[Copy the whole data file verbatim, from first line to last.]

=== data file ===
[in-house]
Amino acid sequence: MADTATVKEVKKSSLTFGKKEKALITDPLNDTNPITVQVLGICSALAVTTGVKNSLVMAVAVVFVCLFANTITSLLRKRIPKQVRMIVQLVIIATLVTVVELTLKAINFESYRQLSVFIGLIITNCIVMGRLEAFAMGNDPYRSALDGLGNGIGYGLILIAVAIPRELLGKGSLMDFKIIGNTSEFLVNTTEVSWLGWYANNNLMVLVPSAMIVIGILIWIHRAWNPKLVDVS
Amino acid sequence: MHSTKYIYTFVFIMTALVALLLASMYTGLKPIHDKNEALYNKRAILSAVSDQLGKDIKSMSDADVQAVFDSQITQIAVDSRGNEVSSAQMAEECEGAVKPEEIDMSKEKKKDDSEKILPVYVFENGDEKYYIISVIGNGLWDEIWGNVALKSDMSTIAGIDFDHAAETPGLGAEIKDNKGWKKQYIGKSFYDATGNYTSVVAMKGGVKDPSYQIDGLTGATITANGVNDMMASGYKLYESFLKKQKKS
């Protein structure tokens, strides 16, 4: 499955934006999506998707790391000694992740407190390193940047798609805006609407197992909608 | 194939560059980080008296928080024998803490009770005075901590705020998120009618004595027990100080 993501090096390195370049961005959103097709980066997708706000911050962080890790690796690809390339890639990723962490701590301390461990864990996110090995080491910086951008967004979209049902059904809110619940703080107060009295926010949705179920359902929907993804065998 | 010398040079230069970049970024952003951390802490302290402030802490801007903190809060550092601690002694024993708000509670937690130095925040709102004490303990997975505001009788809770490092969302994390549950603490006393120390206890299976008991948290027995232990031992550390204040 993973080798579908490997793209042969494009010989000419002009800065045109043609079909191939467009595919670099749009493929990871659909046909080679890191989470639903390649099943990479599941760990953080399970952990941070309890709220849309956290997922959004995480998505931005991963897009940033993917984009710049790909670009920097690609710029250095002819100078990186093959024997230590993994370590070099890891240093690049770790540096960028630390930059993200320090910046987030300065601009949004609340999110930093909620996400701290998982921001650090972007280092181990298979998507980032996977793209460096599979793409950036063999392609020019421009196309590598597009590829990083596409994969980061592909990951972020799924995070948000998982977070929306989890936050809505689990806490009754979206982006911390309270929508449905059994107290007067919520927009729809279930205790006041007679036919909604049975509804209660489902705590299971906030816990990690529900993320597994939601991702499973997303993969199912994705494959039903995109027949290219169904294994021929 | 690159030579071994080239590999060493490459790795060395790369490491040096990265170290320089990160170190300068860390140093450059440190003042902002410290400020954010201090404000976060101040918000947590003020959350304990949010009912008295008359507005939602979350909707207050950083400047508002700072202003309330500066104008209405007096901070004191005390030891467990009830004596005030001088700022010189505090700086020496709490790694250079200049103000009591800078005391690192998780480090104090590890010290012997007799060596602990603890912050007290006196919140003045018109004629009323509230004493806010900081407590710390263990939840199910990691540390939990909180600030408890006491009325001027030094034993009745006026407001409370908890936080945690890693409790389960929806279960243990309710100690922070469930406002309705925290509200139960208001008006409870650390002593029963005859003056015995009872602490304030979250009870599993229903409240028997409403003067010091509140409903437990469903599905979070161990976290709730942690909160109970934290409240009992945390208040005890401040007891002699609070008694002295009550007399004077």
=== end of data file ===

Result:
[in-house]
Amino acid sequence: MADTATVKEVKKSSLTFGKKEKALITDPLNDTNPITVQVLGICSALAVTTGVKNSLVMAVAVVFVCLFANTITSLLRKRIPKQVRMIVQLVIIATLVTVVELTLKAINFESYRQLSVFIGLIITNCIVMGRLEAFAMGNDPYRSALDGLGNGIGYGLILIAVAIPRELLGKGSLMDFKIIGNTSEFLVNTTEVSWLGWYANNNLMVLVPSAMIVIGILIWIHRAWNPKLVDVS
Amino acid sequence: MHSTKYIYTFVFIMTALVALLLASMYTGLKPIHDKNEALYNKRAILSAVSDQLGKDIKSMSDADVQAVFDSQITQIAVDSRGNEVSSAQMAEECEGAVKPEEIDMSKEKKKDDSEKILPVYVFENGDEKYYIISVIGNGLWDEIWGNVALKSDMSTIAGIDFDHAAETPGLGAEIKDNKGWKKQYIGKSFYDATGNYTSVVAMKGGVKDPSYQIDGLTGATITANGVNDMMASGYKLYESFLKKQKKS
């Protein structure tokens, strides 16, 4: 499955934006999506998707790391000694992740407190390193940047798609805006609407197992909608 | 194939560059980080008296928080024998803490009770005075901590705020998120009618004595027990100080 993501090096390195370049961005959103097709980066997708706000911050962080890790690796690809390339890639990723962490701590301390461990864990996110090995080491910086951008967004979209049902059904809110619940703080107060009295926010949705179920359902929907993804065998 | 010398040079230069970049970024952003951390802490302290402030802490801007903190809060550092601690002694024993708000509670937690130095925040709102004490303990997975505001009788809770490092969302994390549950603490006393120390206890299976008991948290027995232990031992550390204040 993973080798579908490997793209042969494009010989000419002009800065045109043609079909191939467009595919670099749009493929990871659909046909080679890191989470639903390649099943990479599941760990953080399970952990941070309890709220849309956290997922959004995480998505931005991963897009940033993917984009710049790909670009920097690609710029250095002819100078990186093959024997230590993994370590070099890891240093690049770790540096960028630390930059993200320090910046987030300065601009949004609340999110930093909620996400701290998982921001650090972007280092181990298979998507980032996977793209460096599979793409950036063999392609020019421009196309590598597009590829990083596409994969980061592909990951972020799924995070948000998982977070929306989890936050809505689990806490009754979206982006911390309270929508449905059994107290007067919520927009729809279930205790006041007679036919909604049975509804209660489902705590299971906030816990990690529900993320597994939601991702499973997303993969199912994705494959039903995109027949290219169904294994021929 | 690159030579071994080239590999060493490459790795060395790369490491040096990265170290320089990160170190300068860390140093450059440190003042902002410290400020954010201090404000976060101040918000947590003020959350304990949010009912008295008359507005939602979350909707207050950083400047508002700072202003309330500066104008209405007096901070004191005390030891467990009830004596005030001088700022010189505090700086020496709490790694250079200049103000009591800078005391690192998780480090104090590890010290012997007799060596602990603890912050007290006196919140003045018109004629009323509230004493806010900081407590710390263990939840199910990691540390939990909180600030408890006491009325001027030094034993009745006026407001409370908890936080945690890693409790389960929806279960243990309710100690922070469930406002309705925290509200139960208001008006409870650390002593029963005859003056015995009872602490304030979250009870599993229903409240028997409403003067010091509140409903437990469903599905979070161990976290709730942690909160109970934290409240009992945390208040005890401040007891002699609070008694002295009550007399004077």